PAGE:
Chancellor hopeful budget process will be smoother than last year


Though it’s still unclear when his tenure as Pitt’s chancellor will end, Patrick Gallagher says, “The only thing that’s really changed is I’m unlikely to put out brand new initiatives that would obligate the University long after I’m no longer in the role.”

Right now, he’s focused on making sure that Pitt is moving forward.

“We still have an appropriations cycle in front of us and a budget, and we still have a full academic calendar,” he said in an interview last week. “And so a big part of my to-do list is to not let up and make sure we continue to move that forward.”

Gallagher said he’s as much in the dark as most of the rest of the University about who his successor will be. (See related story: Search for new chancellor remains behind closed doors.) He knows the transition will happen in “the not too distant future,” but “the day-to-day business of the University is still the thing that you see the most. In many respects, things are still proceeding very normally.”

On the budget cycle

Last year, the state budget process was challenging. Republican House lawmakers tacked an amendment onto the funding for all four state-related schools that would have required Pitt to end medical research using human fetal tissue from voluntary abortions if it wanted to receive its state appropriation. Pitt and the other state-related schools have repeatedly said that all the money they receive from the state goes toward reducing tuition for in-state students.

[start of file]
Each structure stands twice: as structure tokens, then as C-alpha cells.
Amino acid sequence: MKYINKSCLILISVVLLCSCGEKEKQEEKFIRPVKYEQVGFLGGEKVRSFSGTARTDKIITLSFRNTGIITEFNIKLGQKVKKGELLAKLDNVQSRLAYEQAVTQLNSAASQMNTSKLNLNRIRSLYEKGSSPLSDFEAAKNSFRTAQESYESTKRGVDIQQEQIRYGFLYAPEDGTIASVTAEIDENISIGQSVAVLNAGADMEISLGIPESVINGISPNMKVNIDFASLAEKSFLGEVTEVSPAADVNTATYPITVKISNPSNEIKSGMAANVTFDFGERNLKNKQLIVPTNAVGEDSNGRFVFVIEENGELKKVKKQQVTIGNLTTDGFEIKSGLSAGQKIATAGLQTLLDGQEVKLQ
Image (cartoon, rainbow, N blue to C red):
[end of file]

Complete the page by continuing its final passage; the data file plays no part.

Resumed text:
The amendment, which was eventually removed, was one of the major reasons that the state budget was not passed by the required deadline of June 30.

“I think it’s going to be different than last year and a lot of that has to do with certainly the aftershocks of last year. There’s probably a collective PTSD on that brinksmanship,” Gallagher said. “But there’s also been some wholesale changes that will certainly impact it. Front and center, a new governor has just been inaugurated. The governor will kick this process off when he delivers his proposed budget, … and because of the timing of the inauguration, a new governor gets an extra month. So that will happen early March, not early February.”